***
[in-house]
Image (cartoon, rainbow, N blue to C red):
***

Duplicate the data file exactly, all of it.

[in-house]
Image (cartoon, rainbow, N blue to C red):